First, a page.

Curalate offers visual analytics for marketers looking for metrics on popular sharing platforms like Pinterest.
The startup recently announced Instagram reporting which makes it the first analytics provider to give metrics for Instagram and Pinterest within the same dashboard.
We spoke with Curalate to find out what has been making them tick.
In one sentence, what is Curalate?
Curalate is the only platform applying image recognition algorithms to social media conversations, helping brands turn social interactions (follows, shares, pins, and likes) into relationships and revenue.
What problem(s) does Curalate solve?
The landscape of social has changed dramatically. What used to be driven by text is now driven by visuals, as consumers are increasingly communicating with brands using images, not words. On sites like Pinterest, only about 11% of shares include descriptions that reference brands’ names.
Since traditional social media analytics tools rely on keyword tracking, this means that brands are ignoring nearly 90% of conversations about their images and products.
Utilizing patent pending image matching technology, Curalate is the first platform to solve this problem, surfacing engagement with brands’ images, even if they aren’t explicitly mentioned in the conversation.
This proprietary layer of data has built a foundation for a suite of tools within Curalate that enable brands to measure and grow their audiences on new visual platforms like Pinterest and Instagram.
What are your immediate goals?
Our immediate goal is to provide marketers with tools and knowledge that enable them to build more meaningful relationships with their fans and consumers.
While we initially focused on fostering this engagement in social, our brands have started taking the insights extracted from Curalate to inform business-wide decisions in advertising, ecommerce, and email. We’re really excited about this.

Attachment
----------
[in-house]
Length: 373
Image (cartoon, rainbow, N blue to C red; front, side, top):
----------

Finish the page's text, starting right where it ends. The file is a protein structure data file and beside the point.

What were the biggest challenges involved in building Curalate?
One of the biggest challenges we face as a company is keeping a delicate balance between building products brands think they want and building products we think brands will need. Since this space is relatively new, there’s plenty of room for innovation and an array of opportunities- staying focused and zeroing in on the opportunities that will actually move the needle is a constant challenge.
How will the company make money?
Curalate operates on a SAAS model, driving revenue with an annual subscription that includes full access to our suite. We’ve also found that, as thought leaders in this space, brands value our knowledge. As a result, we now have service offerings and provide strategy for brands across various industries.
Who is in your team?
In the past year, Curalate has grown from 3 full-time employees to 16, and we couldn’t be happier with the team that we’ve assembled. With a combination of startup veterans, social media savants, pixel pushers, and big-data bosses, we’re really building something special. The size of our team is expected to double over the next 10 – 12 months.
Where would you like to be in one, three and five years’ time?
For Curalate, it’s always been about the images, not the platforms. Pinterest and Instagram are just the starting point, but all social platforms are experiencing a major shift towards imagery– even Facebook’s new timeline and news feed demonstrate this change.
With that said, our end goal is to be the platform where brands go to understand how consumers are engaging with their content across all of social. Social, meets big data, meets image recognition- that’s what the visual web requires, and that’s what we’re building.
Other than Curalate, what are your favorite websites/apps/tools?
We get excited about companies that help brands and consumers engage in a more meaningful way. Platforms like Percolate allow brands to generate timely, relevant content at scale, creating a better experience for consumers on social.
There’s also Sailthru, which enables the delivery of individualized experiences to consumers in real-time through email and ecommerce. Finally, tools like Chute and Glossi offer unique ways to feature content.